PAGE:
We may forgive but we must never forget
Author: Puawui - Dr. Sama Banya - Freetown
The above quotation was from Lord Russel of Liverpool who never believed that the Japanese deserved to be forgiven in the first place for their war crimes against the allies. When pressed hard he grudgingly wrote that we may forgive but that we must never forget. So it is with Charles Taylor, Foday Saybana Sankoh and the rest of the murderous mob who followed them and joined later by Johnny Paul Koroma and his gang of rapists, amputators and murderers. (Photo, Dr Sama Banya)
Today marks another sad anniversary of the inferno that engulfed the people of this friendly country by the action of a few selfish individuals. I recall my visit to Bomaru village in the Upper Bambara chiefdom of Kailahun district a week after the massacre of twelve people including a major and some personnel of the then RSLAF.
Two other villagers died while I was still there and the people urged me to leave at once because the atmosphere was charged with visible tension. Bomaru was my very strong hold during my parliamentary campaign days and with only a few exceptions the village almost voted en block for me. Before I left Pendembu for Bomaru that morning young lieutenant Tengbeh (he lost his life in conflict) informed that their unit had lost contact with the unit that was based in Koindu on the Guinea-Liberia border.
As usual people were fleeing from Pendembu in droves and as was usual even in those miserable circumstances they were being harassed by our soldiers. But the assault from Liberia did not begin in Bomaru but in a small village called Bandoma (meaning on the boundary) in the Kpombali section of Luawa chiefdom. It was Christmas eve, and most of the able bodied men and women had left for the weekly market day in the section headquarter town, Nyandehun. It turned out that renegade soldiers of Charles Taylor’s army had entered the village and looted it of all available food stuff. No one was killed or injured.
The government of President Joseph Saidu Momoh sent relief supplies about a month later.
Going back to Bomaru, Liberia soldiers were in the habit of bringing looted goods across where there was an unofficial arrangement with some members of our armed forces stationed in Bomaru would receive and sell them on their behalf. I was told that sometimes the exchange was on credit basis. It would appear that a Major who was the main target of the invading soldiers had held the hand of his colleagues under water and the latter were having difficulty in collecting. They therefore entered Bomaru to settle scores.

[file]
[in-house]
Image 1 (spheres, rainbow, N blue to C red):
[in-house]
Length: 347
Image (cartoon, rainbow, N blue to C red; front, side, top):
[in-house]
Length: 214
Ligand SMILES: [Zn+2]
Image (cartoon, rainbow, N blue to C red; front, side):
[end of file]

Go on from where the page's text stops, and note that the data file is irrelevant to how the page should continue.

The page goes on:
The first civilian to be caught in the cross-fire Baindu John is still alive and in Bomaru.
As stated earlier it was a sad day for the inhabitants of the village but that day, March 23, was only the beginning for them and for the rest of the country.
Our President issued a stern warning to Charles Taylor and his government that he Sierra Leone government viewed the unprovoked aggression with the utmost seriousness, threatening hot pursuit in the unlikelihood of a repetition. What a vain threat it turned out to be because when Charles Taylor’s Krahn soldiers finally launched their assault.
Daru our main garrison in the south-east didn’t even have a single operational vehicle. I remember our soldiers in Pendembu and Kailahun seizing NGO vehicles that day. Those early Liberian soldiers were real animals, rough in language and in behaviour, speaking no English and very poor Krio. They stuck fear in the minds of our people by their brutal murder for no justification of two innocent civilians outside the Pendembu court barry and in full view of everyone. It was from then that their notoriety for brutality and murder spread well ahead of them. It was more than three weeks after that initial attack that we heard Foday Sankoh on the BBC focus on Africa programme that he had organized the invasion of the country in order to get rid of the cruel and corrupt APC regime.
It was also after several denials that Charles Taylor finally admitted on the BBC that he had attacked Sierra Leone in order to teach the country the bitterness of war. He had previously been refused permission to use Sierra Leone as a base to attack the Doe government of Liberia and even been detained. More grievously that we had allowed ECOMOG to use Sierra Leone soil as a base for the attack on his forces in Liberia.
The rest is history, a bitter history at that.
What was originally labeled “usual inter family fight in Kailahun” turned out to be an affair that spread from Koindu in the east to Mammy Yoko hotel in the west, from Sulima in the south to Mongo Bendugu in the north. It affected everyone with the added atrocities that accompanied the January 6 rebel invasion of Freetown.
The war brought to the fore the many sobels who had committed grave crimes against humanity.
The sad memory lingers even as we try hard to forgive.
Sadly one can see the seeds of future trouble now being sown with impunity as if people have forgotten so soon.
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